On July 8 at 1pm EDT, ProjectARCC successfully hosted its first tweet up on climate change. From all around the twitterverse, archivists and like minded members came to talk about climate change on a personal and professional level. Using six questions to guide the conversation, we talked about what motivates us, the questions we have regarding climate change, and how we are taking action in our personal and professional spheres.

See the hour’s discussion in a curated Storify.

ProjectARCC has a four-fold mission to affect climate change.

  • Archivists can educate themselves on disaster preparedness of preservation risks posed by climate change and protecting their collections.
  • Archivists can advocate for reducing our professional carbon footprint.
  • Archivists can elevate our collections to improve public awareness of climate change.
  • Archivists can actively work to ensure long term preservation of the climate change movement.

If you would like to learn more about ProjectARCC or get involved with one of our committees please visit our website or send us an email at info.projectarcc@gmail.com.

Almost 10 years ago, the Society of American Archivists met in New Orleans just weeks before Hurricane Katrina and the federal levee failure caused massive human and environmental loss to the Gulf Coast. In the aftermath of Katrina, many of the archives around Louisiana and Mississippi suffered enormous losses to their holdings. Since then, many archives and cultural heritage sites have either been directly affected by, or had close calls due to increased severe weather, rising sea levels, and wildfire risks. These environmental risks are almost certainly likely to increase according to 97% of climate scientists.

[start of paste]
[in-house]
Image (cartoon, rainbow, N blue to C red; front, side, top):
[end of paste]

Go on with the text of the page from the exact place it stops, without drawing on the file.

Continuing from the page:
For some time, scientists have been the primary voices sounding the alarm over the widespread impacts of climate change. In 2014, 242 lead authors and 436 contributing authors published the Intergovernmental Panel on Climate Change (IPCC) 5th Assessment Report, confirming that climate change is happening and is due to human influence, and that we will see irreversible, catastrophic effects within our lifetime if we do not reduce and eliminate carbon emissions by the middle of the 21st century.

As the world moves to the next rounds of climate talks in Paris at the end of 2015, new voices are entering the policy discussion. Two weeks ago, Pope Francis issued a moral call to action on climate change in his nearly 200 page papal encyclical. This reflects the increasing shift of the climate change conversation from a scientific and economic policy discussion, to that of a worldwide movement towards action motivated not just by scientific and economic factors, but by concern for international human rights and social justice.

As archivists, what is our role in the movement to fight climate change? How is climate change affecting our profession, and how can we act as agents for action within our communities? What actions will have an impact?

On July 8, 2015 at 1pm ET, ProjectARCC is hosting a live tweet-up to discuss the above questions with fellow archivists. We invite you to participate by using #preserveclimate and by following @projectARCC. And you don’t have to be an expert on climate change to attend and contribute! We welcome all archivists who are concerned about the impact of climate change on our profession and who are seeking ways to impact its effects and improve public awareness. In advance of the tweet-up, please feel free to send us questions or issues you’d like to discuss to info.projectarcc@gmail.com.

On Earth Day in 2015, a group of alarmed archivists founded ProjectARCC, a task force with a mission to motivate the archival community to affect climate change. We believe that as those responsible for the preservation of history for future generations, we should be as passionate and concerned about preserving a safe and habitable planet for ours and future generations.